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LKSD Best Practice #16: Students engage in writing in all subjects, every day

There are many different types of writing to choose from in our classrooms: reflective, journal, structured, and free. Writing should be entirely original and student generated thought. 

Reflective writing takes the form and feel of a journal or diary in that students should be able to look back and review what they did in previous lessons.

Focus Friday: January 27, 2023

EOY Writing Goals


By the end of the year, students will be able to

write one complete sentence in 8- 10 minutes


By the end of the year, students will be able to:

  • write one *new* complete sentence each month

  • write a total of 9 sentences in 15 minutes

9+ Sentences -> Multiple Pages

1st Grade

By the end of the year, students will be able to:

  • read on grade level

  • write one full page with an increased complexity from kindergarten

  • 15- 20 minute time frame

2nd Grade

Write 9+ sentences or multiple pages:

  • Fall semester, 15 minutes

  • Spring semester, 12 minutes 

3rd- 12th Grade

Write 9+ sentences or multiple pages in 10 minutes

Key points to consider:

  • Students should have separate journals for language arts, math, science and social studies

  • Reflective writing should occur everyday and include academic vocabulary from the lesson's objectives or classwork 

Types of Writing 


  • How it's said VS What is said

  • Focus on grammar 

  • Punctuation is stressed

  • Emphasis on "correct" writing

  • Less creativity 


  • What is said VS How it's said

  • Punctuation is NOT stressed 

  • Facilitates skill retention

  • More creativity

  • More (volume) 

"One Word Essay"

Free Writing Strategy

Teacher Showcase

I've been working with the class on writing using journal exercises. I give a one-word prompt, and the students write for 15 minutes.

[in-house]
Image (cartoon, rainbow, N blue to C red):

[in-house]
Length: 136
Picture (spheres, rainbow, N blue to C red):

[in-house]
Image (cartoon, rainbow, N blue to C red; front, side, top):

Students are instructed not to worry about form and spelling; just write. 

Since August, the students have increased the amount they can write in the allotted time. They're building their ability to imagine and write.

Teacher Abigail Schwerin, Platinum

Looking to differentiate or spice things up a bit? 
  • Step 1: Assign writing task (250 words or 5 paragraph essay)

  • Step 2: Students write an essay centered around the one word you provide

    • Example: Write a 5 paragraph essay focused around the word "blue" ​

  • Step 3: Students ​complete the assignment and turn in

  • Step 4: Teacher reads the papers with two things in mind:

    • Assess creativity and interesting value

    • Teacher does *not* correct the papers

  • Step 5: Teacher anonymously reads out loud the 3 "most creative/ different" papers​

  • Step 6: Students can quietly guess who the author was; teacher quietly returns those three papers to their original owners as positive reinforcement 

  • Step 7: Teacher returns the remaining papers to the class  

If we put a limit on our expectations, that's all they're going to give us. 

One Assignment: Parallel Effort

When working in pairs, we recommend partners use a different color (pen, marker, etc).

  • PreK: pairs write one letter at a time

  • KG: pairs write one word at a time

  • Grades 1- 12: pairs write one sentence at a time

  • Students are NOT allowed to copy from their partner

  • Students are NOT allowed to do their partner's work for them

In this example, Partner A used the purple marker while Partner B used the orange one.


When we compile and showcase students' writing, it provides students the opportunity to reflect and see how their skills have grown over time. 

Credit: The teachers of Mertarvik

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